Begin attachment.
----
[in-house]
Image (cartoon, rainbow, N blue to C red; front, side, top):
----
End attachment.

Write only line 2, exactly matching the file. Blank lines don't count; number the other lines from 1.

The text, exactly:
Image (cartoon, rainbow, N blue to C red; front, side, top):